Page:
Michelle Wolf is (Still) not a Nice Lady
I’ve said it before and I’ll say it again, Michelle Wolf is not a nice lady. She’s a nasty woman who gets shit done, and perhaps the most recent proof of this is her speech at this year’s White House Correspondents’ Dinner. What she said has sparked much support, as well as a whole lot of outrage. Many are calling on Wolf to apologize for her remarks. So, as many others have noted, Wolf was basically hired to roast people at this dinner, and now she’s supposed to apologize for doing just that. Cool.
In December, I wrote a piece on Michelle Wolf’s first HBO special, Nice Lady. Prior to Wolf’s speech, if you googled “Is Michelle Wolf Jewish?” my review of her special was the first thing to come up. I noticed that this earlier piece started to get more traffic right after Wolf’s White House Correspondents’ Dinner speech, and started getting some interesting new comments as well. I’ll just give you a taste of some of them, since they have been deleted: “You liberal women disgust me. You’ll be the end of the USA and Judaism;” “...Look at how egotistical Jews are! You are so stupid, because you think you are so very smart!...;” “Michelle Wolf is hideous. That is why she is a bitter female. That is why she is a feminist;” and “Wolf is a c*nt. A tool of the jew left.” Fun stuff, right?
So, why do people think Michelle Wolf is Jewish (she’s not), and how has this misconception shaped some of the criticism that she’s received? Side note: Michelle, everyone thinks you’re Jewish anyway so why not just seal the deal? Join us!
Let’s tackle this first question. Why do people think Michelle Wolf is Jewish? I have a few ideas.
- Curly hair
- Fran Drescher-esque voice
- The fact that she’s a comedian.
What do these three things have in common? They all harken back to Jewish stereotypes. The first two have to do specifically with stereotypes surrounding what Jewish women look and sound like, and the third has to do with stereotypes surrounding Jews’ roles in the entertainment industry. In sum, while of course there’s no one way to look or sound or be Jewish, it seems pretty clear that this misconception about Wolf’s background is rooted in some very specific, and again, stereotypical, images of Jews.
Now, onto some of the specific criticism of Wolf’s speech. I’d like to focus on what our dear president (who wasn’t even there) had to say. In a Sunday tweet he said, “The filthy “comedian” totally bombed (couldn’t even deliver her lines––much like the Seth Meyers weak performance)...” Let’s first address the misogynist elephant in the room. This tweet is, unsurprisingly, extremely sexist. Putting the word “comedian” in quotes, and claiming that Wolf “couldn’t even deliver her lines,” are swipes at her credibility, and her talent as a comedian. I probably don’t need to tell this crowd that delegitimizing a woman’s ability to do her job is one of the oldest tricks in the book.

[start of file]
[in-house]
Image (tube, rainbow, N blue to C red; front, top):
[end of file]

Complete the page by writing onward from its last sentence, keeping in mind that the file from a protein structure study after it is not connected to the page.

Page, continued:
I wish there was more time to talk about the sexist nature of much of the negative feedback Wolf is receiving. Boy would I love to say, “Really, guys? Conservatives can say whatever the hell they want about Hillary Clinton’s appearance for the entire 2016 presidential campaign but Michelle Wolf has to apologize for one ‘smokey eye’ comment?”
Going back to Trump’s tweet, I can’t help but fixate on the word “filthy.” Jews have often been referred to as “dirty” and “filthy” in anti-Semitic comments, and while I believe this phenomenon likely has many roots, the one that comes to mind has to do with Hitler’s descriptions of Jews in Mein Kampf. In short, Hitler saw Jews as “parasites” that “lived off” other races and weakened them by compromising their “purity.” I don’t think it’s too much of a stretch to see a connection between this idea of Jews as parasites, and the idea that Jews are somehow unclean. While Trump didn’t specifically say anything about Wolf being Jewish, and while it’s possible he was referring to the nature of Wolf’s comedy and not to Wolf herself, I think his word choice is telling.
Among other examples, the president’s tweet and some of the comments on my December blog post make one thing quite clear: in many cases, Wolf isn’t simply being criticized as a woman, she’s being criticized as a Jewish woman. (Again, Michelle, let’s make it official––call me!) There’s plenty of disdain out there for Jews and women alike, but perhaps the combination of the two––this perceived extra “otherness”––can help explain the specific nature of some of this criticism, and the overall vitriol of it. I might even go so far as to say that this misconception about Wolf’s identity works to chip away at whatever privilege Wolf has as a white woman.
On the bright side, being perceived as a Jewish woman comedian can be a good thing, too. I mean, who wouldn’t want their name on a list with the likes of Joan Rivers, Gilda Radner, Sarah Silverman, and Fanny Brice? As I said back in December, and will undoubtedly say again, Michelle Wolf isn’t Jewish, but her no-holds-barred comedy is certainly in keeping with the strong tradition of Jewish female comedians. These are not nice ladies––and thank goodness for that.
How to cite this page
Klebe, Larisa. "Michelle Wolf is (Still) not a Nice Lady." 2 May 2018. Jewish Women's Archive. (Viewed on January 25, 2020) <https://qa.jwa.org/blog/michelle-wolf-is-still-not-nice-lady>.